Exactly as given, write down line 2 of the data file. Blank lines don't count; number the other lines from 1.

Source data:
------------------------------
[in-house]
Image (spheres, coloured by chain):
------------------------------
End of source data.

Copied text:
Image (spheres, coloured by chain):